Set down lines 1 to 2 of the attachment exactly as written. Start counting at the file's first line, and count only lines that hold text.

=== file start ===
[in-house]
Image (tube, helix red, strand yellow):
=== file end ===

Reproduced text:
[in-house]
Image (tube, helix red, strand yellow):